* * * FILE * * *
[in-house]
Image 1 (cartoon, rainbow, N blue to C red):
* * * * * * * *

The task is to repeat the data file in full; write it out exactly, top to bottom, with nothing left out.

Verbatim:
[in-house]
Image 1 (cartoon, rainbow, N blue to C red):